2008-01-01

    Cancer and its oncological treatment cause symptoms which increase the patients risk to suffer from malnutrition. This affects the patients health status negatively by increasing the number of complications, reducing the tolerance to the oncology treatment and a decrease of the patients quality of life. Motivated by this, a group of health professionals from several spanish regions met with the backing of the Sociedad Española de Nutrición Básica y Aplicada (SENBA) to address strategies to improve the quality of nutritional intervention in cancer patients. This multidisciplinary group developed a protocol describing nutritional assessment and intervention in form of algorithms based on literature and personal experience. The patients are classified in a three step process: 1. type of their oncology treatment (curative or palliative); 2. nutritional risk of the antineoplastic therapy (low, medium or high risk) and 3. depending on the Subjective Global Assessment patient-generated (SGA-pg). The patients are classified as: A. patients with adequate nutritional state, B. patients with malnutrition or risk of malnutrition and C. patients suffering from severe malnutrition. During one year, the protocol has been used for 226 randomly chosen female and male patients older than 18 years. They were treated by the Medical and Radiotherapy Oncology outpatient clinic. More than a half of the patients were suffering from malnutrition (64%) increasing up to 81% for patients undergoing palliative treatment. Most of them were treated curatively (83%) and received oncology treatment with moderate or high nutritional risk (69%). 68% of patients were affected by some feeding difficulty. The mean percentage of weight loss has been 6.64% +/- 0.87 (min 0%, max 33%). Albumin values of 32% of the patients were between 3 and 3.5 g/dl and negatively correlated with feeding difficulties (p = 0.001). The body mass index (BMI) has not found to be a significant parameter for detecting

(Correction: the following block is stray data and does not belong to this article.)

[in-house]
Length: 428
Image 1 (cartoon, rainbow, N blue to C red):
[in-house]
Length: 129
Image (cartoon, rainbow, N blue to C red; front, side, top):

20. [The National Heart Transplant Registry. The 9th Official Report (1984-1997). The Spanish Heart Transplant Groups. The Section of Heart Transplantation of the Spanish Society of Cardiology].

    PubMed

    Almenar Bonet, L

    1999-03-01